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This article was published 29/5/2013 (1543 days ago), so information in it may no longer be current.
Hungry and thirsty football fans will have to develop a new routine now that the Winnipeg Blue Bombers have moved into Investors Group Field.
For the past few decades, they could drop in on more than a dozen restaurants and lounges just a short walk away from the ticket gate at the now nearly demolished Canad Inns Stadium.
But starting with the first exhibition game on June 12 at the new park, most fans are going to discover that walking from close to the Perimeter Highway or McGillivray Boulevard to the University of Manitoba is a little more than they're prepared to do 10 times a season.
'It puts us in a unique position in the area, being the only business that's in such close proximity to the stadium with a liquor licence'-- the Hub manager Jack Jonasson
Just how and where the crowds of more than 30,000 will congregate on game day is anybody's guess, but local restaurateurs aren't taking a wait-and-see approach.
The big winner could very easily be the Hub, the 230-seat pub on the third floor of University Centre at the U of M. Manager Jack Jonasson will be putting flyers on the 6,000 to 7,000 vehicles that park on campus for Bomber games and using a plethora of in-bar promotions to build up awareness for the year-old pub among students and non-students like.
"We're expecting it to be very busy. We are literally a three-minute walk (from Investors Group Field). It puts us in a unique position in the area, being the only business that's in such close proximity to the stadium with a liquor licence," he said.
'We're not accustomed to dealing with big, big crowds at this end of the city. Downtown, everybody has learned to deal with the masses'-- Nick Zifarelli, owner of Nicolino's Restaurant/the Orbit Room
Peter Ginakes, owner of the Pony Corral Pier 7, is also expecting Bomber games will result in unprecedented traffic at his Pembina Highway restaurant, lounge and patio. In a unique twist, he's hoping a significant number of them won't bring their vehicles.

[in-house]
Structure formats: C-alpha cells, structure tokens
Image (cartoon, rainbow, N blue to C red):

Instead, he's encouraging Bomber fans who own boats to park at his marina, come in for some food and drink and take either the bus or limo service he'll be offering to the game. He'll also be running a shuttle from his other three locations around town for football fans.
"We're gearing up right now. We've been training and adding employees. This is going to be huge for the south end of Winnipeg. We're excited," he said.
So is Nick Zifarelli, owner of Nicolino's Restaurant/the Orbit Room. He's overhauling his menu to make it more efficient so Bomber fans can come in at 5 p.m., order their food and be in their seats before the opening kickoff.
"It's going to be a trial by fire," he said. "We're not accustomed to dealing with big, big crowds at this end of the city. Downtown, everybody has learned to deal with the masses. We have to deal with twice that crowd. It's going to be a real challenge."
Zifarelli is going to offer shuttle service to and from the stadium while pushing back reservations from his long-standing customers until after the game has started so they'll be able to get the same service they've become used to.
And if restaurant servers and bartenders are run off their feet during Bomber games and concerts, there's a very good chance that more eateries will put up a shingle, according to Scott Jocelyn, executive director of the Manitoba Restaurant & Food Services Association.
"There will be a bit of a settling-in period. If there's a good opportunity for restaurants to expand to Pembina Highway, they will. They'll go where the business is. A lot of the restaurants around the old stadium weren't there so much for the stadium but for Polo Park (Shopping Centre). They certainly benefitted from the football games, though," he said.